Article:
Disclaimer:
This article was originally published by Medknow Publications & Media Pvt Ltd and was migrated to Scientific Scholar after the change of Publisher.

Sir,

A 28-year-old man was admitted for evaluation of anasarca. His past medical history revealed biopsy-proven benign thymoma and myasthenia gravis (MG). The edrophonium test and acetylcholine receptor antibodies were positive, and antibodies to muscle-specific receptor tyrosine kinase were negative. Repetitive nerve stimulation studies and single-fiber electromyography confirmed the diagnosis of myasthenia. Imaging of mediastinum showed thymic tumor. Blood tests for thyroid function, magnetic resonance imaging of brain, and ultrasound of orbits were normal. Thymectomy was performed in August 2011. Histopathologic examination was suggestive of thick fibrous bands separating lymphoid cell collection with some epithelial cell nest. Lymphoid tissue showed uniform lymphoid cells. The tumor was capsulated. No carcinoma cells were observed, favoring T1N0M0. So, no radiotherapy was given. At the time of surgery, renal function tests and urine examination were normal.

He was then discharged on oral methylprednisolone (MP), pyridostigmine, and azathioprine. He was relatively asymptomatic for about 7 months, until he was admitted with decreased urine output, generalized ansarca, nausea, and vomiting for 3 weeks. On admission, his BP was 130/80 mm of Hg with generalized anasarca, with no systemic examination abnormality.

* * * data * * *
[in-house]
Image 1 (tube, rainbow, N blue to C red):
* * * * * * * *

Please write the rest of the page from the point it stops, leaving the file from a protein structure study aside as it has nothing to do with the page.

Lab examination showed normal complete blood count, liver function test, and ultrasonography of abdomen. Renal function showed serum creatinine 3.2 mg/dL; blood urea 69 mg/dL; serum Na 133 meq/L; serum potassium 4.1 meq/L; serum calcium 7.2 mg/dL; serum phosphate 4.3 mg/dL; serum uric acid 6.8 mg/dL; serum albumin 2.0 g/dL; urine examination showed 3+ albumin. Tests for anti-nuclear antibody, anti-double-stranded deoxyribonucleic acid, anti-neutrophil cytoplasmic antibody, C-reactive protein, and complement components (C3 and C4) were normal. A search for the underlying systemic causes of renal failure yielded no results. Kidney biopsy revealed 23 glomeruli with surrounding tubules and vessels. All the glomeruli showed uniform mild mesangial prominence. Capillary lumina and Bowman′s capsule were normal. Immunofluorescence suggested no immunologic involvement. Final report was mesangial proliferative glomerulonephritis with acute tubulo-interstitial nephritis [Figure 1]. Patient responded to IV MP (500 mg × 3 doses) and oral prednisolone, 1 mg/kg/day, followed by a progressive tapering of the dose.